1. The wakeup alarm on my clock radio has not sounded even once. I have always hated that darned thing, and I still haven't decided what action to take if it has the audacity to come on again at some point. Who knows, it might even involve gunfire; there is a pistol in my nightstand drawer...

2. I don't have to be in my car, backing out of the garage at exactly 6:50 a.m. every morning in order to make in 40 minutes what would normally be a 20-minute drive to the office. This daily struggle was caused by endless road construction and 100,000 other drivers trying to kill me while talking on their cell phones or putting on makeup at 75 miles per hour. I saw some pretty horrific wrecks over the years, and I thank the Almighty for watching over me.

3. I don't miss working even a little bit. I have older friends, however, who are still there even though no economic need exists to hang around. I'm sorry, but I don't get it; life is too short, and there's so much of God's creation left to see. I don't have many regrets up to now, and I really don't want to start any new ones if I can help it. Regrets torment us because they almost always involve the consequences of something we unwisely did or did not do in the past and which are, of course, irreversible. Frankly, I can't think of anything I would regret more than taking my last sightseeing trip being wheeled out of my office on a gurney.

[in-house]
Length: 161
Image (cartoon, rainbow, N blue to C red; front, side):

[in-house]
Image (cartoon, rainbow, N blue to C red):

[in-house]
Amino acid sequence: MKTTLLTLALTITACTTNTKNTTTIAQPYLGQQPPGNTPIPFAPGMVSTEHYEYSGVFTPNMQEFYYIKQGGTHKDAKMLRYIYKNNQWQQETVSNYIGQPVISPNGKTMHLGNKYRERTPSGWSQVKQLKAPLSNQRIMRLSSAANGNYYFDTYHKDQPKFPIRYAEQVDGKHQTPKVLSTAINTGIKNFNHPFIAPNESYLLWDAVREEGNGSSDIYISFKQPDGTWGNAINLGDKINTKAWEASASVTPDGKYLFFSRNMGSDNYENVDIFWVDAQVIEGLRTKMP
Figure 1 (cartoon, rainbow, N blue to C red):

4. I find I now have way too many clothes. I will never need to buy  anything else to wear for any purpose as long as I live. I believe I could do quite nicely now with perhaps two dozen articles of clothing. So what do I do with the two hundred others in my closet? I'm sure a heavily-laden trip to a charity collection center will be in the offing.

5. There is little need to go to the dry cleaners much anymore to maintain my executive look, such as it was. When I told the owner of the cleaners I was retiring, he hung black crepe around his door and mumbled something about suicide.

6. It's true what they say about not knowing what day it is!  I really didn't believe that until I retired and stopped wearing my watch, upon which the day of the week appears rather prominently. However, any unsettling feeling I might have about this is mitigated by my realization that I generally have no need to know what day it is!  If I need to do something on a specific day, Sandy will tell me. She always knows what day it is, along with a whole bunch of other stuff whose usefulness is questionable. For example, do I really need to know that you're not supposed to wear white shoes after Labor Day?

7. Perhaps retirement's greatest benefit is freedom. Freedom from deadlines; freedom from limitations on time and travel; freedom to linger at a special vacation spot or over coffee and good conversation; freedom to pursue a hobby or interest that was suppressed during the grind of the workweek; freedom to visit friends and family and rekindle old relationships. And yes, most importantly, freedom from regret.  

As my friend Ed Dray reminds me every day, "Life is good!"